WAREHAM - It’s been hanging over local cable stations all around the country for more than a year, but following a Federal Communications Commission 3-2 split vote this past summer, it was decided that cable providers can change the way they pay back to the communities they serve - and it will likely mean a reduction in money sent each year to local cable access stations around the country.
But the fear of this change, the industry’s reaction to it, and the support of more than 50 members of Congress, as well as hundreds of efforts in state houses across the country to counter any negative financial impact, have left Steve Ruiz of WCTV with “confidence that while it will change, there are ways to make it work out.”
“We still love what we do,” said WCTV’s Ruiz at the station’s annual meeting Wednesday night at Salerno’s in Onset.
“It has definitely been hanging over us for the past year,” said Ruiz. “And yes, the decision this summer means changes are coming, but the contracts will need to be re-negotiated for changes, since we are in annual contracts with (the suppliers). We have at least a year to work things out and there are a lot of politicians behind us.”
How does an FCC change impact cable access stations?
Cable providers, like Comcast and Verizon, pay back to their service communities via “in-kind” services - equipment, technical services and the like, and franchise fees.
The July FCC vote, which also bars local governments from regulating broadband internet access service offered on cable, allows cable providers to deduct the “in-kind” services and equipment from the franchise fees sent each year to the communities. The franchise fees, capped at 5 percent of annual gross revenues from cable bills, support public access channels.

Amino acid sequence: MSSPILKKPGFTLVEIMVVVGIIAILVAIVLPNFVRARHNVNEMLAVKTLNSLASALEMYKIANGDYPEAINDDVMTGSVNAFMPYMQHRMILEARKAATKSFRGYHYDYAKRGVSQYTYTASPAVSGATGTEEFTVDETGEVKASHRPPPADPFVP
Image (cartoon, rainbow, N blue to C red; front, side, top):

The decision is likely going to result in “communities and states all over the country heading to court,” said Wareham Selectman Alan Slavin.
Public access advocates say the FCC decision is contrary to the 1984 Cable Act, which set up the process of franchise fees going to the communities.
Noting that 63 members of Congress were opposing the FCC changes and that Sen. Ed Markey helped put together the original agreement back in 1984 to have cable providers put funds back into the communities they served, “this change is being fought,” said Ruiz.
To counter the FCC change, state Rep. Paul McMurtry of Dedham filed House Bill 4045, which would impose a 5 percent fee on digital streaming providers (cable providers) using public rights of way - or local infrastructure.
“This is particularly important as media consumption continues to change and transition more toward digital platforms,” said Megan Delaney, legislative aid for state Rep. Susan Williams Gifford, R-Wareham.
Rep. Gifford is a co-sponsor of the legislation.
“The money that is collected would be deposited into a new fund called the Streaming Entertainment Fund,” said Delaney. “The funding will be distributed in the following manner: 1/5 to the state’s General Fund, 2/5 to municipalities and 2/5 to community media members.”
"So, in essence, that five percent (franchise fee) is no longer coming to us whole, but we could be charging back for the streaming," said Ruiz. "So the money would still be coming in, the way we get it would change."